The Metropolitan Opera – Susan Stroman’s production of Franz Lehár’s The Merry Widow [Susan Graham, Rod Gilfry, Andriana Chuchman, Stephen Costello & Alan Opie; conducted by Fabio Luisi]

Lehár
Die lustige Witwe – Operetta in three Acts with a libretto by Viktor Léon & Leo Stein based on the play L’Attaché d’Ambassade by Henri Meilhac [sung in an English translation, newly revised, by Jeremy Sams with English Met titles by Michael Panayos]

Hanna Glawari – Susan Graham
Valencienne – Andriana Chuchman
Count Danilo Danilovitch – Rod Gilfry
Camille de Rosillon – Stephen Costello
Baron Mirko Zeta – Alan Opie
Vicomte Cascada – Jeff Mattsey
Sylviane – Emalie Savoy
Olga – Wallis Giunta
Praskowia – Margaret Lattimore
Raoul de St Brioche – Alexander Lewis
Kromow – Daniel Mobbs
Pritschitsch – Gary Simpson
Bogdanovitch – Mark Schowalter
Njegus – Carson Elrod
Woman – Andrea Coleman
Maître d’ – Jason Simon
Grisettes – Synthia Link, Alison Mixon, Emily Pynenburg, Leah Hofmann, Jenny Laroche & Catherine Hamilton

Metropolitan Opera Chorus

Metropolitan Opera Orchestra
Fabio Luisi

Susan Stroman – Production & Choreography
Julian Crouch – Set Designer
William Ivey Long – Costume Designer
Paule Constable – Lighting Designer
Mark Grey – Sound Designer [spoken dialogue only]


Reviewed by: David M. Rice

Reviewed: 24 April, 2015
Venue: Metropolitan Opera, Lincoln Center, New York City

A scene from Lehár's The Merry WidowPhotograph: Ken Howard/Metropolitan OperaSusan Stroman’s production of Franz Lehár’s The Merry Widow is back at the Met, this time conducted by Fabio Luisi. Andrew Davis led the New Year’s Eve premiere and the initial run in January. Newly cast are the two romantic duos at the center of the plot – taken by Susan Graham and Rod Gilfry, and Andriana Chuchman (replacing the pregnant Danielle de Niese) and Stephen Costello – as well as Alan Opie.

Not surprisingly Stroman’s choreography figures prominently, each Act opening with an entertaining sequence: waltzes at the Pontevedrian Embassy, folk-dancing at Hanna’s party, and the Can-can-kicking grisettes who usher in the final Act as the set is spectacularly transformed to Maxim’s. William Ivey Long’s costumes and Julian Crouch’s sets are opulent, with the tree-framed garden particularly lovely as fireworks explode in the distance against the backdrop of Montmartre and the Sacré-Cœur basilica. The spoken dialogue was audible without being obviously amplified, thanks to Mark Grey’s excellent sound-design, but Jeremy Sams’s English-language translation is rarely clever and at times downright grating, as in the grisettes’ repetitious “tippy-tip” and “tippy-tap”.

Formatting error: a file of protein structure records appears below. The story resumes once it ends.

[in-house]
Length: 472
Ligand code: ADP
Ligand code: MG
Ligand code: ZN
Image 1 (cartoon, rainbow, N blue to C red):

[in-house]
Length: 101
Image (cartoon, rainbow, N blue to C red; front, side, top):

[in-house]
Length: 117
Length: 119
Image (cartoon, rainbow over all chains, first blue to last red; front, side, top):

Rod Gilfry as Danilo and Susan Graham as Hanna in Lehár's The Merry WidowPhotograph: Marty Sohl/Metropolitan OperaAlthough the cast sang and acted well, the performance got off to a slow start, perhaps because the returning ensemble had to brush away cobwebs from a three-month hiatus while integrating five new principals. But more likely it was simply Act One’s lack of sufficient action to sustain interest, owing to being weighed down by expository material needed for the more dynamic and entertaining Acts to follow.

After intermission, things came to life musically and dramatically. Stroman’s clever creation of traditional dances for a nonexistent country got the garden-party off to an exciting start, Susan Graham’s Hanna joining in and then giving a superb rendition of the ‘Vilja’ ballad. The male principals (including the marvelous comic actor Carson Elrod as Njegus) were quite humorous as they admitted their inability to figure women out – a problem faced by Danilo and Camille as their romances began to develop chemistry.

Fabio Luisi was a steady hand, conjuring lively and colorful sounds from the Met Orchestra, and all of those new to the cast gave fine performances. Graham commanded the stage, and Gilfry made Danilo, Hanna’s former lover and future husband, an increasingly endearing character. Chuchman and Costello sang beautifully as ardent lovers and she was impressive when joining the grisettes in Maxim’s. Much of the dialogue, including punch-lines, is given to Baron Zeta, excellently portrayed by Opie with keen comedic timing.

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